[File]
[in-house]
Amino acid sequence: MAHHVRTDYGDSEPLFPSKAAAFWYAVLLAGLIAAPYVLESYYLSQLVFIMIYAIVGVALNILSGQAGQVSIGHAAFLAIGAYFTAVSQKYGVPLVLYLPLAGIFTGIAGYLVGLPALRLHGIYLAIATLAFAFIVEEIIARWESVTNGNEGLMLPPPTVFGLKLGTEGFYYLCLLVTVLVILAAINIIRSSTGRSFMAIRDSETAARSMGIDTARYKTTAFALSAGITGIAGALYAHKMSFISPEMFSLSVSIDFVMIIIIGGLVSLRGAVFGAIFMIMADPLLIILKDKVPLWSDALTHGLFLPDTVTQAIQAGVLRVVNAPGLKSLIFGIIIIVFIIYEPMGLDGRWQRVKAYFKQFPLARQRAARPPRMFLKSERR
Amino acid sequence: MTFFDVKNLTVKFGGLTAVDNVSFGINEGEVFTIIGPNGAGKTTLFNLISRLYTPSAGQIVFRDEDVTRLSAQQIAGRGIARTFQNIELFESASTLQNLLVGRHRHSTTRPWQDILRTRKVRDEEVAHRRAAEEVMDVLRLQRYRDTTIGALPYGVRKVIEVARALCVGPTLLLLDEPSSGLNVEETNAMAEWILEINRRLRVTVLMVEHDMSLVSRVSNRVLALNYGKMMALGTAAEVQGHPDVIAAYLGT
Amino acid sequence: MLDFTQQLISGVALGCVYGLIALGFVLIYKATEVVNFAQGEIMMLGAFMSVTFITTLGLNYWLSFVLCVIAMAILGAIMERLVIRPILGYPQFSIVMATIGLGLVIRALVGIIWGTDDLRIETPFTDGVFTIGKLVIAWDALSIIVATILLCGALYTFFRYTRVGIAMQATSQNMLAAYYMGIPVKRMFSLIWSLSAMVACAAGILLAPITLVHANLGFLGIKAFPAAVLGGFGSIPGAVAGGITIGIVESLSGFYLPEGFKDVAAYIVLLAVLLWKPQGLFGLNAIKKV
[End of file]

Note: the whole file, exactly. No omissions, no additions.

[in-house]
Amino acid sequence: MAHHVRTDYGDSEPLFPSKAAAFWYAVLLAGLIAAPYVLESYYLSQLVFIMIYAIVGVALNILSGQAGQVSIGHAAFLAIGAYFTAVSQKYGVPLVLYLPLAGIFTGIAGYLVGLPALRLHGIYLAIATLAFAFIVEEIIARWESVTNGNEGLMLPPPTVFGLKLGTEGFYYLCLLVTVLVILAAINIIRSSTGRSFMAIRDSETAARSMGIDTARYKTTAFALSAGITGIAGALYAHKMSFISPEMFSLSVSIDFVMIIIIGGLVSLRGAVFGAIFMIMADPLLIILKDKVPLWSDALTHGLFLPDTVTQAIQAGVLRVVNAPGLKSLIFGIIIIVFIIYEPMGLDGRWQRVKAYFKQFPLARQRAARPPRMFLKSERR
Amino acid sequence: MTFFDVKNLTVKFGGLTAVDNVSFGINEGEVFTIIGPNGAGKTTLFNLISRLYTPSAGQIVFRDEDVTRLSAQQIAGRGIARTFQNIELFESASTLQNLLVGRHRHSTTRPWQDILRTRKVRDEEVAHRRAAEEVMDVLRLQRYRDTTIGALPYGVRKVIEVARALCVGPTLLLLDEPSSGLNVEETNAMAEWILEINRRLRVTVLMVEHDMSLVSRVSNRVLALNYGKMMALGTAAEVQGHPDVIAAYLGT
Amino acid sequence: MLDFTQQLISGVALGCVYGLIALGFVLIYKATEVVNFAQGEIMMLGAFMSVTFITTLGLNYWLSFVLCVIAMAILGAIMERLVIRPILGYPQFSIVMATIGLGLVIRALVGIIWGTDDLRIETPFTDGVFTIGKLVIAWDALSIIVATILLCGALYTFFRYTRVGIAMQATSQNMLAAYYMGIPVKRMFSLIWSLSAMVACAAGILLAPITLVHANLGFLGIKAFPAAVLGGFGSIPGAVAGGITIGIVESLSGFYLPEGFKDVAAYIVLLAVLLWKPQGLFGLNAIKKV